When Chicago voters head to the polls on Tuesday, they will not only decide the fate of their mayor, they will have a chance to vote on a referendum that has a chance to even the field for campaign spending during the next election cycle.
The “small donor matching” system before voters proposes to provide public money to match small contributions by individual donors — a plan proponents say will weaken the power of special interest money, open the pool of candidates to average citizens and restore faith in an election process seen by voters as controlled by a wealthy few.
On the face of it, this makes sense. Cronyism is baked into Chicago’s political culture stretching back decades. A 2012 report by the University of Illinois at Chicago showed that Chicago is by far the most corrupt city in the U.S. The Illinois Northern District, which contains Chicago, accounts for 84 percent of public corruption convictions in Illinois, outranking any other federal district in the U.S. since 1976.
Indeed, advocacy groups pushing the referendum say that public financing is already a proven success in New York City, which passed a similar program in 1988. In New York, candidates for office receive $6 in taxpayer money for every $1 they raise up to $175 per donor. The Brennan Center For Justice reports that in 2013, 79 candidates for office in New York signed up to participate.
Though those that helped get the referendum on the ballot will not say it outright, the recent “x factor” that underscored the need for campaign finance reform is current Mayor Rahm Emanuel. His outsized campaign war chest dwarfed those of opponents in his first run for office and, this election, nearly 90 percent of his $30 million campaign fund is comprised of donations totaling $1,000 or more. According to a report by the Illinois Public Interest Research Group, 43 percent of Emanuel’s donors wrote checks of $1,000 or more. For Jesus “Chuy” Garcia, the mayor’s closest opponent, those donors made up only seven percent of contributors.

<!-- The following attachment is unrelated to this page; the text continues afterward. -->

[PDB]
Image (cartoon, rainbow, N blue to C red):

Sarah Brune, deputy director of the Illinois Campaign For Political Reform, insists that Tuesday’s referendum is “not targeted to any one candidate” in the election. Brune says that if Chicago implements the system, it will require closer scrutiny of candidates with the fattest bank accounts
“It will give candidates the freedom to listen to their average citizens and not spend so much time on the phone or in meetings trying to get those special interests to sign with them,” she says.
Even if Tuesday’s voters approve the referendum, however, it doesn’t actually become law. Rather, a “yes” vote only gives activists momentum to draft a model ordinance that will still need to wind its way through the city council. But, right now, even that first step is an open question: Election debates have failed to make the referendum a hot topic this cycle and Chicago voters seem disinterested in Tuesday’s vote in general. (In 2011, the last time Chicago chose a mayor, roughly 40 percent showed up at the polls, fairly good by US standards for a non-presidential year, but not the kind of turnout that inspires the word “mandate.”)
And the disinterest appears prevalent among elected officials, as well. Or is it lack of political will? According to Common Cause Illinois, of the 50 Chicago City Council members polled on the proposed ordinance, only seven gave their endorsement.